I had someone tell my sister that she couldn’t be the line leader in third grade because “n—–s” cannot be the line leader. At my soccer games, when my brother and I were in elementary school, my parents were given the cold shoulder by many other parents and excluded from parental and community activities in the Park Cities. Another mother in the neighborhood told my parents, to their face, that they would never be members of the Dallas Country Club because of our skin color and religion.
Recently when I visited my best friend at the University of Texas at Austin, I was told that I couldn’t enter a frat party with him because I was a “haji,” which is a racist term referring to brown people insinuating I was a terrorist. But my friend is not racist, and he stood up for me and told them that I was going into the party no matter what the frat members at the door were saying.
However, through all of these trials, there were many that I encountered in the Park Cities who are kind, loving, generous, and most importantly “colorblind.” Some of my best friends in the world are white HP graduates. My home is Highland Park. It is where I grew up, it is where I consider my roots are, and it is where I want to raise my children because I am hopeful of the future. My three sisters are 6, 8, and 10 years younger than me, respectively, and are currently enrolled in the Highland Park school system.
I am grateful that now things have improved greatly. My parents are friends with the parents of their classmates, they have great relationships with many parents of my sister’s friends, parents of their volleyball and basketball teammates, and are now more active in the community because over the past 10 years our community has changed greatly for the better. But we must also be wary and cautious because prejudice is still present in our neighborhood even though it is less than what it was.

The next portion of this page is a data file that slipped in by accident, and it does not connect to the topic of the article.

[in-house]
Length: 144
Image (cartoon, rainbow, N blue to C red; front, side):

If we do not teach our children to see everyone as the same (no matter what color, race, gender, sexual orientation) then we will be doing a disservice to not only our children, but also the people of the Park Cities and the whole global community. My parents could have moved to a more ethnic neighborhood, but they did not. They chose to live here and they made me a better person for it. The video I saw was deeply disturbing to see because it is a reflection of my neighborhood, my community, my neighbors, and I know everyone is not like that. But the media and the national news paints only with broad strokes, so now we will all be labeled according to this.
I have already had people call some of my friends called racist in gas stations and restaurants for doing absolutely nothing but simply for wearing a HP Scots T-shirt. This is not what I want my community known for, because both you and I know that we have one of the best places to live and raise a family in North Texas. I love Highland Park, but I don’t love the prejudice that has been cultivated into many of the children growing up in the Park Cities, whether it is overt, subtle, blatant, or whatever the methods are. Your son got caught, that is the simple truth, and unfortunately, your son is a product of your raising him. But I have hope. I have hope for your family that it will see that it has a problem and will deal with it head-on and not hide.
Come meet me and my family and you will see how much we are alike. Come see that the same dreams and aspirations you have for your son, my parents have for me and my siblings. Don’t be afraid; we are just like any other American family!
I am writing this to share my experience as a brown, New York-born, Dallas-raised, third-generation Indian living in the Park Cities with the best parents a son could ask for and the most amazing siblings in the world. I am living the American Dream and I entered to learn and I will go forth to serve. I’m a human being, an Indian, a Hindu, a passionate Texas Rangers fan and MFFL — Mavericks Fan for Life. Thank you for your time and I can only hope to hear from you.
“We are a nation of communities … a brilliant diversity spread like stars, like a thousand points of light in a broad and peaceful sky.” — George H. W. Bush